tomorrow on a non-binding motion should somehow bind the hand of the


United Kingdom's Prime Minister when the United Kingdom's Prime Minister


is about to embark on what will be the most complex and difficult


negotiations of our political lifetime? Socially should stick to


her guns? I don't think the vote in the Scottish Parliament tomorrow


night will make any difference to the way in which the Prime Minister


has to carry on with her job as the Prime Minister of the United


Kingdom, and that job is to secure the best deal on leaving the


European Union for the whole of the United Kingdom, including for


Scotland. I agree that the noises around a second independence


referendum at this in a butcher in time are a distraction from what is


the most difficult and bishops and important set of negotiations that


the United Kingdom will be embarking upon in our lifetimes. The speaker,


we are not saying... Fiona Hyslop, why should the UK Prime Minister,


the UK Government, respect the will of the Scottish Parliament, when as


Adam Tomkins pointed out of the Scottish Government doesn't always


do that? We do, we go back to Parliament on all those votes that


he mentioned. A mandate in a manifesto clearly adds wait and is a


mandate to have a referendum in changed circumstances. It's not just


about the Scottish Government, it's also about the Scottish Parliament


and the will of the people of Scotland. In Scotland, the people of


Scotland are sovereign. I want to get back to the point the audience


were making about the Brexit negotiations. If we're going to be


held captive by a hard Brexit right-wing Conservative government


for two years, maybe more, just to see if it might work out all right,


that's a very dangerous position to be in. It's about democracy but it


is also about the people of Scotland having the choice. That to me is the


fundamental part of it. That's why the Scottish Parliament's vote


tomorrow is not just about Brexit or independence, it's about the right


of the Scottish people to exercise their sovereignty. Which we


exercised in 2014 and we said no. Changed circumstances. You are


determined that there should be another independence referendum on


that basis, but what if the Prime Minister says no, she's rejecting


the timetable, what will you do then? Theresa May has to respect the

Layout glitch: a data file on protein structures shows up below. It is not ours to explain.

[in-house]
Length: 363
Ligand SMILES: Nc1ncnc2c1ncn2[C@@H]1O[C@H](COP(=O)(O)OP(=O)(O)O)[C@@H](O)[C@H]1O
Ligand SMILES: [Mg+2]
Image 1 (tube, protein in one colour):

sovereignty of the Scottish people. But if she says no, what is your


next move? We have been waiting patiently to have engagement on the


context of the Brexit has voted for by the United Kingdom. We have put


forward compromise proposals which would have had a situation where


Scotland could have remained as part of the single market. I understand


that, but if the position is that the Prime Minister is not prepared


to transfer the power, to have another referendum in the timescale


that the First Minister has set out, what you can do? We are now within


the eight days of the Article 50 letter which will take the UK out of


the European Union, and we have no content or detail about that. There


is fundamental constitutional change taking place. Is it an option for


you to have another referendum anyway, without the authority of


Westminster? Well, we want a referendum which is legal and


constitutional. We think we have got the authority for the Scottish


Parliament by a democratic vote tomorrow, that is the authority that


we would have. But can you have a referendum without that authority?


In the past, the Conservative Party has ignored the will of the people


In the past, the Conservative Party of Scotland, and we saw what


happened in the 1980s and 1990s. I think it would be otherwise... But


if she says no, do you still argue that it is an option but when we are


on a course of action which is to take the will of the people of


Scotland as democratic and exercised through the Scottish Parliament...


We are none the wiser. We are none the wiser of the content of the


Brexit letter which is going to to drag Scotland out of the EU against


our wishes, despite nine months of us trying to get some kind of


information regarding Scotland's interests as part of that. That is


the immediate issue facing interests as part of that. That is


Scotland's. The lady at the back. interests as part of that. That is


Fianna, if Scotland became an independent country, I would really


like to see changes in the NHS, especially mental health. And do you


see another independence referendum as an opportunity to change our


country, a positive opportunity? Yes. And here? I would like to put


the question, given the SNP's whole premise for this second referendum


would be to retain Scotland's position within the European Union,


the party itself is now rolling back from the position of suggesting that


the DEC or the FTA could be a alternative. So you're undermining


your own case. A country like Norway for instance is in the European free


trade Association, and through that, the European economy area, which